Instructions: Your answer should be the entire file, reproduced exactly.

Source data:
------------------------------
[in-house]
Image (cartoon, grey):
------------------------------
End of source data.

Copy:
[in-house]
Image (cartoon, grey):